Field Notes
U.S. Fish & Wildlife Service
Field Notes Entry   
ALAKSA PENINSULA/BECHAROF: Volunteers Accomplish Many Projects
Alaska Region, November 16, 2012
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Dr. Chuck Iliff taking photo.
Dr. Chuck Iliff taking photo. - Photo Credit: Tara Callaway/USFWS
Jack Trout repairing cabin at Bear Creek.
Jack Trout repairing cabin at Bear Creek. - Photo Credit: Julia Pinnix/USFWS
Janet and Ralph Saczawa in the King Salmon Visitor Center library.
Janet and Ralph Saczawa in the King Salmon Visitor Center library. - Photo Credit: USFWS
Paula Burt delivering educational program on insects.
Paula Burt delivering educational program on insects. - Photo Credit: Julia Pinnix/USFWS

“Volunteers aren’t paid, not because they are worthless, but because they are priceless” (Anonymous). Volunteers are vital to a wide variety of projects at the Refuge.


Paula Burt arrived in April from New Jersey to take on the position of Visitor Services Assistant. She developed and delivered educational programs locally and in village schools. She staffed the King Salmon Visitor Center, represented the refuges at special events, and was part of the crew setting up a field camp in Alaska Peninsula NWR. Most notably, she worked hard to help revise and update the websites for both Alaska Peninsula and Becharof refuges. The revised websites are scheduled to appear this winter.

Jack Trout returned for his second summer as a maintenance volunteer. Jack was invaluable in helping to set up field camps, gathering and preparing gear to go into the field, repairing and building essential items, and using innovative approaches to problem-solve. He built new shelving for the lending library in the King Salmon Visitor Center and helped repair buildings at Bear Creek.

Paula Burt and Jack Trout, along with Janet Saczawa who put the educational lending library on-line, were given monetary awards from supporting organization Alaska Geographic for their outstanding service.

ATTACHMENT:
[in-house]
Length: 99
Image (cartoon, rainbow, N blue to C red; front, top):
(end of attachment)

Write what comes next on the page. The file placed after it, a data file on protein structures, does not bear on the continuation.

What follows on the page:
Ken Fawcett also returned again this year, bringing Wes Linser. Ken and Wes took over visitor surveys at Ugashik Narrows for a week to free up two other volunteers for teaching at the Refuge’s science and culture camp. Dr. Chuck Iliff, traveling on a Friends of Alaska National Wildlife Refuges grant, used a USFWS photography kit and designed a new curriculum for incorporating photography into camp activities. He arrived early to help complete repairs to the Bear Creek site in addition to being an instructor. Tom Prang volunteered as an instructor at camp, and conducted an archeology survey of upper Whale Mountain, including what Regional Archeologist Debbie Corbett describes as “possibly the first-ever cultural survey of snow patches in a refuge.”

Natasha Mann caught bees for Biologist Dom Watts, contributing to an ongoing inventory of local pollinators. Bob Blush assisted, as he has for many seasons, with research conducted by Wildlife Biologist Susan Savage. He also guided visiting paleontologist Pat Druckenmiller of the University of Alaska, Fairbanks, into the field, looking for dinosaur tracks.Ralph Saczawa scanned part of the Refuge’s slide collection into digital format, and donated the scanning device for further use. Tom Collopy and Mary Frische, from Friends of Alaska National Wildlife Refuges, donated an enlarged, framed photo as part of the USFWS office exhibits.

Two volunteers have donated probably hundreds of hours collecting and managing data about tundra swans in the area. Richard Russell and Rod Cyr have together collected over 2,800 collar sighting records, identifying 238 individual swans. Their work has added depth to the Refuge’s data set by identifying swan returns to the breeding grounds.

To learn more about volunteer opportunities at the Refuge, contact Julia Pinnix, 907/246-1211; Julia_Pinnix@fws.gov; or visit www.volunteers.gov.

Contact Info: Julia Pinnix, 907-246-1211, Julia_Pinnix@fws.gov
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